Fourth, the patriots succeeded in making utter ninnies of themselves. Even the most generous of reports I’ve read so far said their number was less than 500. And they were giving away free T-shirts.

The report that brought a smile to my face was that they marched for 200 metres, stopped, declared this to be a moral victory, and dispersed.

Yeah, moral victory indeed.

Fifth, and more seriously, assuming that all the news reports are right – and virtually all that I have read have been consistent – what are we to make of the contradictory responses of politicians to the call by Malaysia’s head of state, the Agong?

I’m sure you read, as I did, that the King had asked for all parties to come together for discussions. And Bersih’s representatives certainly wanted to comply with that.

So who really was not following the King’s advice? As if we all don’t know.

I hope, and I’m not holding my breath here, that the authorities will eat humble pie and learn from this.

There’s no sense in going into denial mode, because there are just too many people – and many of them young – who are now more aware of their rights and are hooked up via new media.

And they are not afraid to practise those rights. Like the many brave ones on the streets of KL on July 9, 2011.

Comments can reach the writer via columnists@theborneopost.com.
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Old 11-07-2011, 05:20 PM
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KUALA LUMPUR, July 11— The government will take action against local and foreign media if they had provided false or inaccurate reports of the Bersih rally, Datuk Seri Hishammuddin Hussein said today.

The Home Minister said that police were viewing all recordings of the rally, following allegations of police brutality by Bersih supporters and Pakatan Rakyat (PR) leaders.

Hishamuddin said action would also be taken against online media and bloggers if they had posted false reports.
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Old 12-07-2011, 06:33 PM
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Bersih rally shows May 13 ‘bogeyman’ buried, says Bar Council

By Clara ChooiJuly
12, 2011

KUALA LUMPUR, July 12 — The Bar Council today said that Saturday’s Bersih 2.0 rally had shown that the “bogeyman” of the May 13, 1969, race riot has been buried and will no longer be feared by Malaysians.

Its president Lim Chee Wee told a press conference here that although the spectre of the violent racial clash had been raised prior to the rally, Malaysians had still dared to gather in the streets of the capital here to march for free and fair elections. While stressing that the council was apolitical, Lim observed that the thousands who thronged the city on Saturday had not instigated violence against one another or turned the gathering racial.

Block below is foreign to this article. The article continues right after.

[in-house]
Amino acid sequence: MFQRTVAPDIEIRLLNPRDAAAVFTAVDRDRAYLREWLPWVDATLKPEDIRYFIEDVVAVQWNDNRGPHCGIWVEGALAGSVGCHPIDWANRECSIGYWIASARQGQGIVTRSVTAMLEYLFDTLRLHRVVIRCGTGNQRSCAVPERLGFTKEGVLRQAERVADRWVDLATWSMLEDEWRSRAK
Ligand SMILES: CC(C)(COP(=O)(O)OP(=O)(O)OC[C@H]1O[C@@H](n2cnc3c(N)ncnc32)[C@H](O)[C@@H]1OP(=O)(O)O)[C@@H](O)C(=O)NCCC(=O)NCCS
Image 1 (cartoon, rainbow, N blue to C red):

“The outcome of the (Bar Council’s) monitoring exercise demonstrates that people in Malaysia are mature and peace-loving when championing a cause they believe in.

“The rally participants generally behaved in a peaceful and calm manner; most importantly, we witnessed that people from a wide variety of backgrounds across Malaysia participated in this rally withut any conflict.. this is contrary to the fear of possible racial disharmony or riots, expressed by certain irresponsible public figures,” he said.

Before the rally, Perkasa president Datuk Ibrahim Ali earned much criticism from the opposition when he told the Chinese community to stay home and stock up on food on Saturday.

Lim noted that chaos had only broken out on the streets of the capital when police launched tear gas canisters and water cannons at protestors to break the crowd, a move which he said was unwarranted.

“They must recognise that Malaysians are by nature a peaceful group. We have moved far ahead of 1969... the bogeyman of 1969 has been buried. It does not exist in the minds and hearts of Malaysians today.

“Which is why all eyewitness accounts say that Saturday was peaceful,” he said.

Bersih 2.0, the now-outlawed coalition of 62 non-governmental organisation, held at march on Saturday to call for free and fair elections and drew a mixed crowd of thousands to the city centre.

Chaos however broke out at about midday when the police fired tear gas and water cannons to break up the crowd and made random arrests of over 1,600 people, saying that they had wrongfully participated in an illegal rally.

Mixed sentiments have emerged from the tumultuous event with the Najib administration playing down the turnout and saying that the police had acted lawfully, while Bersih 2.0 and the opposition declared it a successful rally that drew nearly 50,000 people.

On social media sites like Twitter and Facebook, thousands of people have been posting up comments in support of the rally and sharing their personal accounts, pictures and videos of the event.